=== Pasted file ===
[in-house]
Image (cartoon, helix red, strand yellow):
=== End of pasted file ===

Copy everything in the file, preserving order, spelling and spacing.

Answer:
[in-house]
Image (cartoon, helix red, strand yellow):